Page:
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Publisher : Elsevier - Science Direct (الزویر - ساینس دایرکت)
Journal : Journal of Behavior Therapy and Experimental Psychiatry, Volume 43, Issue 2, June 2012, Pages 745–751
Background and objectives Traditional models and methods of exposure therapy utilize a fear hierarchy, whereby patients complete sets of exposures in a graduated manner, with the goal of fear habituation within and between sessions. In the current experiment, we examined whether this typical exposure paradigm was necessary to achieve clinical improvement. Method Fifty undergraduate participants scoring in the top quartile of a self-report measure of contamination fears were randomly assigned to one of two groups: blocked and constant exposure (BC Group) and random and variable exposure (RV Group). Both groups completed three weekly sessions of exposure treatment, with subjective and psychophysiological indices of fear recorded throughout. Subjective, behavioral, and psychophysiological dependent measures were evaluated by an independent assessor at pre-treatment (PRE), post-treatment (POST), and two-week follow-up (2WFU). Results Both the BC Group and RV Group exhibited decreases in subjective fear from PRE to POST and 2WFU, with no significant differences between groups. Partialing group, greater variability in subjective fear during exposure predicted lower subjective fear at 2WFU. Limitations Despite significant findings for subjective fear, behavioral and psychophysiological findings were limited. Follow-up studies should investigate questions regarding traditional exposure within a clinical group. Conclusions These results support the notion that traditional exposure is sufficient, but not necessary, to produce clinical improvement in contamination-related fears. There may be benefits to variability in fear level during exposure, and evaluation of emotion variability during exposure therapy for other anxiety disorders is warranted.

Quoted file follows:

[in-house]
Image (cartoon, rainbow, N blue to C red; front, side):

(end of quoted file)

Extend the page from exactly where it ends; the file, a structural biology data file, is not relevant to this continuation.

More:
Traditional exposure therapy involves a gradual progression from one feared item to the next across a hierarchy, although within each item, the exposure practice is generally unvaried. Clinicians have been guided by the premises of emotion processing theory (Foa and Kozak, 1986 and Foa and McNally, 1996), in which initial fear activation (IFA), within session habituation (WSH), and between session habituation (BSH) of fear are seen as critical indices of corrective learning throughout exposure therapy. The application of this theory is to repeat exposure to a phobic stimulus the number of times and the length of time necessary for fear to subside. That is, exposure practice should proceed in a blocked and constant manner, while fear should gradually habituate, over the course of exposure therapy. However, the available evidence provides mixed evidence for IFA and limited to no evidence for WSH or BSH as predictors of treatment outcome (Baker et al., 2010; reviewed in Craske et al., 2008), albeit often based on studies with significant methodological weaknesses. Moreover, we have argued that whereas fear reduction typically occurs, it represents performance in the moment rather than learning that influences responding over the long-term (Craske et al., 2008), and that pure habituation is a poor model of real-world experiences with feared stimuli. In the present experiment, we directly investigated whether these traditional concepts of exposure were necessary to achieve clinical improvement. First, we compared a blocked and constant exposure group to a group involving random and variable exposure (i.e., stimulus variability). Second, we examined exposure process measures of IFA, WSH, BSH, as well as variability in indices of fear (i.e., emotion variability) in relation to treatment outcome.